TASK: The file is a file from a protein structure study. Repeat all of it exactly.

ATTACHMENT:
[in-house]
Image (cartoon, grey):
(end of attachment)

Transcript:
[in-house]
Image (cartoon, grey):